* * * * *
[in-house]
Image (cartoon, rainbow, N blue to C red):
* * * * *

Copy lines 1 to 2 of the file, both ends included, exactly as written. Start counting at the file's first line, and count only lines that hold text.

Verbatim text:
[in-house]
Image (cartoon, rainbow, N blue to C red):